Let your people be the compass
Shaping the future of learning
I love attending the AHRI National Convention. It’s a wonderful few days of conversations, insights, and figuring out who we are as an industry, what really matters to us and where we need to turn our attention in the year to come.
As a non-profit organisation, we are driven by the impact that learning can create – for both an individual and the businesses they work for. This year we felt a real strong shift from thinking of employees as a ‘workforce’ to the whole ‘human’.
It’s not rocket science, but it forces us to think about all aspects of our lives and the way we as individuals value and then prioritise our time across work, family, our eco-systems and self. Doing that for not just ourselves, but also our people means we can bring the whole person into focus.
And that goes for how we design our workplace learning. Whether it’s helping a new starter understand their workplace, helping others already in role to develop new skills or supporting the eco-systems that an organisation needs to keep meeting the changes of their workforce and marketplace.
The 5 program themes of AHRI 2019 - lead, explore, uncover, share and grow stimulated both thought and conversation – reminded us all that we are social, behavioural and emotional animals – it is ok to be human. Even in today’s technologically driven world.
And as humans, the quality of our conversations and relationships – in and out of the work place - can have a profound effect on how we engage and perform. Let’s not underestimate the value of building a relationship to really impact the performance of our businesses.
In our latest learning insights report, we explore the idea of “micro personal networks”. In short, this is the way that people all over the world told us they wanted to learn: in short, sharp, personalised and social bursts. More of a mindset than a prescriptive approach, it demands that as organisations we need to know, respect and understand our employees expectations. Technology doesn’t even factor - at least, not at first. Only once we’re clear on goals and what will help employees meet their personal career objectives – as well as what the business needs for the future - should we introduce technology as a tool to help us creates those environments where they can thrive.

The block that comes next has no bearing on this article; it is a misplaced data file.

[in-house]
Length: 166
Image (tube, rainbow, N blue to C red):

Adopting a micro personal networking approach will challenge our thinking on how we can deliver learning experiences that work for both us and our organisations. We need to make sure we have a clear set of goals and outcomes that let’s us measure success of the learning – and then we need to make sure we keep an eye on those metrics to make sure that what we have put in place is actually being used and delivering what we expected.
As we start to explore this with the organisations we work with, we are taking lessons from the technologies that are used to personalise social media and shopping. For example, scoping out the impact a personalised recommendation or nudge from a colleague can have on what we access and learn – and therefore ultimately influencing our careers and whole lives.
As part of the City and Guilds Group – a global charity, specialising in all kinds of skills development from corporate learning, qualifications and assessment to resources and technical training, we operate in over 100 countries. Our collective purpose ever since we were established 140 years ago is to help people get into their first job, helping them develop on the job, or helping them progress onto the next job. It’s through our unerring commitment to people, and what it means to be human in and outside of work that we’ve been around this long. Taking a micro, personal, network approach to how we develop and deliver learning experiences for the future will enable us to leverage the phenomenal and ever-increasing opportunity of technology, without losing what is most important.
- Lara Stewart